I love the feeling of rest that comes to me after a run. I love a great meal with loved ones and a good cup of coffee with a good book perched on my lap. I love quiet evenings to read and write or watch quality TV. I love many of life’s pleasures. It’s all well and good to love comfort… though it can easily spell trouble when I get selfish and my happiness depends on it.
Who am I when these things are taken away from me? Who am I when I wake up with headaches that return despite my attempts to hold them at bay? When I have report cards to write and am asked to sacrifice my precious down time? When the trials of life knock at my door? Paul Simon has a great line in his song Outrageous that goes, “Who’s gonna love you when your looks are gone?” My line could be, “Who’s gonna love you when your comfort’s gone?”
One of my New Testament heroes is the Apostle Paul, who wrote “I am content in all circumstances” (Philippians 4:11). He did not say this lightly since he experienced a lot of hardship for what he believed. He said God gave him strength and contentment no matter what outer circumstances were happening. His statement is such a contrast to me who gets worked up and anxious at the drop of a hat when circumstances don’t go my way and I am out of my comfort zone.
This week has been filled with many blessings – rest from work, celebrations with our church friends, meaningful conversations with family, relaxed time for recreation – and so perhaps it’s strange to read my blog topic of the week.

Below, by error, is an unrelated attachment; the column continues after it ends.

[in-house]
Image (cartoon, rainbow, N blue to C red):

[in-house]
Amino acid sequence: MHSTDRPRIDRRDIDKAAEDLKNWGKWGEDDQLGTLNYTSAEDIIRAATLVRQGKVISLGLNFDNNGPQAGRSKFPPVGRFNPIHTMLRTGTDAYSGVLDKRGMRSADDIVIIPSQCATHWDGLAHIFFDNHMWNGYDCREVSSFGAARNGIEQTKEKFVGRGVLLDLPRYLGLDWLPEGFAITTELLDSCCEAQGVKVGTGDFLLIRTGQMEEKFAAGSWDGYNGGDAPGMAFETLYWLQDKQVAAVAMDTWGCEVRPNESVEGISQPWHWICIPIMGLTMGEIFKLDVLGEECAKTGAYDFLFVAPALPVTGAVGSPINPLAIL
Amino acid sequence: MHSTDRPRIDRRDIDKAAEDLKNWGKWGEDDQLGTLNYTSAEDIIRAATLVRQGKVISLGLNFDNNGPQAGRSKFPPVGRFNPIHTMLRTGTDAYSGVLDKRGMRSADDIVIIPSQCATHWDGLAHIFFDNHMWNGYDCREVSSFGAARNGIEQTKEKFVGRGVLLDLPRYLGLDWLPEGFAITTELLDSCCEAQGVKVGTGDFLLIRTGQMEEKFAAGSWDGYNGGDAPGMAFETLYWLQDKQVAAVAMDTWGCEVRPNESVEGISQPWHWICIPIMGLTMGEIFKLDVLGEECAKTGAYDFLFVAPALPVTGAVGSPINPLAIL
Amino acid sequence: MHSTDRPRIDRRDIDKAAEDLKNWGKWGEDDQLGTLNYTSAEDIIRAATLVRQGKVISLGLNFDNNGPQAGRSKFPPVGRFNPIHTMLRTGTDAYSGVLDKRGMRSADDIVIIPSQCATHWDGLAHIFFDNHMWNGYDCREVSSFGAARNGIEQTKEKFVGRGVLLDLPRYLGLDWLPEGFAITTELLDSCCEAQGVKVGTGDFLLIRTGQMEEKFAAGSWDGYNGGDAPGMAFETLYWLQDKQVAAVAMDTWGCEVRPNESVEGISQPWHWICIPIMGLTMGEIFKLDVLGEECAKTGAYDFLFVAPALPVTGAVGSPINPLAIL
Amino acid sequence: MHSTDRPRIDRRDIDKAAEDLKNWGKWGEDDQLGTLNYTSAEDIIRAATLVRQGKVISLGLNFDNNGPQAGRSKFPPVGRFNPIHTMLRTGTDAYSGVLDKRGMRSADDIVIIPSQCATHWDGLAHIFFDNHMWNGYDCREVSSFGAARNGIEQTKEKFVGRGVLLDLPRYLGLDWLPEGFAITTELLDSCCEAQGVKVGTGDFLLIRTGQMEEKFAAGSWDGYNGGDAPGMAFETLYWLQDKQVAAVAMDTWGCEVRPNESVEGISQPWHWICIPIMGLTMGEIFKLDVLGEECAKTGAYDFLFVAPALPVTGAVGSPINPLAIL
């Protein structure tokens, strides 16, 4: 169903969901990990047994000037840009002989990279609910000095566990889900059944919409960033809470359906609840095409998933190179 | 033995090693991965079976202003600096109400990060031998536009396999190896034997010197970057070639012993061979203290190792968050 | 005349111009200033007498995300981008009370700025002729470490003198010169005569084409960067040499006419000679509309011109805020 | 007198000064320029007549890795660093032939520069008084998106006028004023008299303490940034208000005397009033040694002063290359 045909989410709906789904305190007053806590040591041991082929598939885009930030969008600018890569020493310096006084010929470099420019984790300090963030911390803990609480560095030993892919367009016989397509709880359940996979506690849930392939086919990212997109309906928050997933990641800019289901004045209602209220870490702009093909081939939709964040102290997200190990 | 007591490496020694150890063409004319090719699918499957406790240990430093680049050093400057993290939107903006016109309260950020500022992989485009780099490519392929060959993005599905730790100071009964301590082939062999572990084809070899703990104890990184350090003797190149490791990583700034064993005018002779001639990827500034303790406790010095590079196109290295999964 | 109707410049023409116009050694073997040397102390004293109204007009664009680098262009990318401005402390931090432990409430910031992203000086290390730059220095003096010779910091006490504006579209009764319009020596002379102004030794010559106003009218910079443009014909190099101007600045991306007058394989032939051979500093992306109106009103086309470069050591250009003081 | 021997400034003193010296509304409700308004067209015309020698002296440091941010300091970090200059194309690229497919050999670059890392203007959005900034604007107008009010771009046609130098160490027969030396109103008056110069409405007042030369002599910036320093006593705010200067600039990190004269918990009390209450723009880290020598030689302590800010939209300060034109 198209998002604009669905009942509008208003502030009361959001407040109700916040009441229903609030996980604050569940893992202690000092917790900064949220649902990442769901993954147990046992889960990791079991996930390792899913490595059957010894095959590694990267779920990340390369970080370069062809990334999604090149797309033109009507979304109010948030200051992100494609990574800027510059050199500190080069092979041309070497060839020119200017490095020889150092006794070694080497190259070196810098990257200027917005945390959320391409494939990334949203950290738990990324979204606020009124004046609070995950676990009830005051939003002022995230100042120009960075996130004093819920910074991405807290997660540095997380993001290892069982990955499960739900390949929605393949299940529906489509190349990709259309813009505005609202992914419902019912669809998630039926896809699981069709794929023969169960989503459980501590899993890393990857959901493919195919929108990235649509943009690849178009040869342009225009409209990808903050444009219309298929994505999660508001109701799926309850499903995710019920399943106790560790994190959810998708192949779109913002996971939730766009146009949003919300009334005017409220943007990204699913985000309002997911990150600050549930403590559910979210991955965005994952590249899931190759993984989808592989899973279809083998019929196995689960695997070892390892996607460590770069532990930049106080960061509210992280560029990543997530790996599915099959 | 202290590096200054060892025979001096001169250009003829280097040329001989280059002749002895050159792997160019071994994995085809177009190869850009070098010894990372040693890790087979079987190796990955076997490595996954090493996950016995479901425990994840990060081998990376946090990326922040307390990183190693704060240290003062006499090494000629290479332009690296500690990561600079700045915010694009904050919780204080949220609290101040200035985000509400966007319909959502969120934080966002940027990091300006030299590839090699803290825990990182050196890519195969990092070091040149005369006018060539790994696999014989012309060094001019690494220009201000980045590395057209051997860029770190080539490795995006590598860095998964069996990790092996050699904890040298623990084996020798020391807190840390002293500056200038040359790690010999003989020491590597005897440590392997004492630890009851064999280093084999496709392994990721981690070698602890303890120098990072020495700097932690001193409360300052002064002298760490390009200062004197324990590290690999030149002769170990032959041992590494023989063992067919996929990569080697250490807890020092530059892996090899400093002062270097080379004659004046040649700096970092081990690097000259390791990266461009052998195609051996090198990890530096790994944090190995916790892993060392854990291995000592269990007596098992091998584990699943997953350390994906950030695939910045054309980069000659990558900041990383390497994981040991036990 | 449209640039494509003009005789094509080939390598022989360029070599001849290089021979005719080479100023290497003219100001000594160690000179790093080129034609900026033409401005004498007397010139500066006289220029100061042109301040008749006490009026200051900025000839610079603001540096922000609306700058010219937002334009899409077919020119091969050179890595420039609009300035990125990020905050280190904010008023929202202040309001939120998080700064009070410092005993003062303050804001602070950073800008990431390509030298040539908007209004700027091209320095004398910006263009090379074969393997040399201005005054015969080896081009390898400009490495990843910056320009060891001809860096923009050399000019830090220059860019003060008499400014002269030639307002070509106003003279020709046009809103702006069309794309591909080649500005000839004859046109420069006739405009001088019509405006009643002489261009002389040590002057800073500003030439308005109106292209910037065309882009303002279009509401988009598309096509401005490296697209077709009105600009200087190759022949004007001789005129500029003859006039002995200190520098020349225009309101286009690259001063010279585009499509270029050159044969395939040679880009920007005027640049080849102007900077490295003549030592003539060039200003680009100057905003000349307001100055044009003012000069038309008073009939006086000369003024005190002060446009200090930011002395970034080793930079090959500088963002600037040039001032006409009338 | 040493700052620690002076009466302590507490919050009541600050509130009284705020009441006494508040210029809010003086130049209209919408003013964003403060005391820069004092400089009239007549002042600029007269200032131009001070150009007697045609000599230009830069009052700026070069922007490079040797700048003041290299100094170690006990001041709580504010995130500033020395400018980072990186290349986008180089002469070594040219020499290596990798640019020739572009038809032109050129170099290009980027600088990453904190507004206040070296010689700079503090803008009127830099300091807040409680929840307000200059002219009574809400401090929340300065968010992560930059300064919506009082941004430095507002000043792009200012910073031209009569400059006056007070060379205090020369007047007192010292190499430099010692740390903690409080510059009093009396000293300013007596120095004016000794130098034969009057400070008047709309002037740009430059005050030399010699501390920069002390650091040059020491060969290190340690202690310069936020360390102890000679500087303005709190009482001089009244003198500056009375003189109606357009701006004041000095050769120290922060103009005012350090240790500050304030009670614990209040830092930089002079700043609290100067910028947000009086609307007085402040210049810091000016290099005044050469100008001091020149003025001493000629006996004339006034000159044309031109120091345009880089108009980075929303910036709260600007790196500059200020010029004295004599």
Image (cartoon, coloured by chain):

Suffering. There’s so much all around us when we begin to look. A former co-worker of mine is suffering the last stages of cancer this Christmas. My cousin Evy who I had the honor of having coffee with this week, is also battling cancer. Next week I’ll visit my friend Bill Howdle who is facing many health challenges. My own parents are experiencing increased diminishment as they face the challenges of aging. We all keep thinking of those parents in the States who are suffering a Christmas without their children after one man’s violent act.
All these shadows cross our paths and we wonder not if but when this Dark Visitor will come to us. We know with uneasiness that suffering will visit us all if it hasn’t already.
In November, I came across this topic in another blog I follow called Mere Inklings, a blog using the ideas of C.S. Lewis as starting points for reflection. Rob Stroud wrote about the autobiography of Freddie Sun who was a Christian in Maoist China and suffered greatly for being a believer. More than a decade was spent in a slave labor camp and he lost his career as a professor of Geology, all because he would not deny Christ. Robstround’s review of the book, The Man in the Fiery Furnace, made such an impression on me that I asked for it for Christmas and it was well worth the read this week.
We are lucky in our country to have freedom of religion. It may be unusual to be a practicing Christian in this post-Christian world, but I do not suffer because of it. This man could have escaped his suffering by denying Christ, but he would not do it. Being made to suffer could have made him bitter, but instead he experienced a deepening of his faith and commitment.